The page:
How did Miami, as a program, respond to this? By doubling down on Miami, bringing in an alum for a head coach, who then proceeded to bring in assistants who are philosophically consistent with what works as Miami. Seemingly overnight, Miami was back to its roots.
Miami is not “back.” The team didn’t even win the ACC Coastal (which is not even a real goal if Miami is “back”). But what they did get “back” is the sense of a program. This is how we play at Miami, it’s what works for us, it might not work anywhere else, and what works at other places might not work here, but it works for us and we’re going to live and die with this.
And we also got back to a point where the goals of the program are aligned with the history of the program. The contrast is especially vivid when comparing Golden’s postseason interview in 2013, particularly about the continuing inept defense, (after going 9-4) to Mark Richt’s this year.
Golden talked about the positives (as all coaches would), and talked about how some things needed improvement (as all coaches would), but his overall summary of the past season was, we’re “much better than the previous one, stay the course.” — the infamous trending up:
“All of those things, for me, are positive trends. We definitely need to fix some things, there’s no question about it. The first thing to do is look at our personnel and what we need to do better. Everything for me, right now, as I look at it, is positive.”
Richt did some similar things, talking about positive momentum and the like but the tell was when he was asked about his feelings on the season:
“I wish we would have made an extra point early in the year. That would have been nice. Who knows how things might have changed then, but you know that’s part of life. We didn’t get it done.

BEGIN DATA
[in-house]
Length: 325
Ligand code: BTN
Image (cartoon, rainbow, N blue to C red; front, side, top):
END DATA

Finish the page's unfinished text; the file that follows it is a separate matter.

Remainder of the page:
“The games we lost, we’re mostly in every one of them. The Virginia Tech game got away pretty much mid-fourth quarter. We had a chance to score and get it within seven at one time with maybe five minutes to go in the game. We might have made it a game, but we didn’t score and then they did. They were up 14, went up 21 or whatever it was. But other than that we were battling it in every game. We fought hard. We’ve got to learn to win the close ones. So that will be important.”
Richt could talk about the three quality wins, the first bowl win in a decade, the significant progress made–instead, he is grating over the four losses. He had the most successful season this program has had in a decade, has the whole fan base behind him, and a lesser (Golden) coach would have tried to leverage the situation, to buy him more clout, to rest on his laurels, and take a victory lap. Richt was mad about the losses.
That’s our man right there. That’s the man we need leading this program.
I don’t know if Mark Richt ultimately will win National Championships here. No one does. But if this season was about one thing, it was about defining what the Miami Hurricanes football program should be. And for the first time in five years, the coach, the fans, and most importantly the community are in lockstep on that.
Richt will be good at Miami. The low bar of competence has been removed. Twisting stats to feign progress is gone.
Mark Richt will win a National Championship, or figuratively die trying. Because that’s what’s driving him here. 9-4 wasn’t the end of that journey, but the beginning and more than any single win, or gut-wrenching loss, that’s what we may remember the 2016 Miami Hurricanes for.
This was the year the program settled the question of what Miami should strive for and try to be, and now we can move forward to the much tougher task of actually getting there.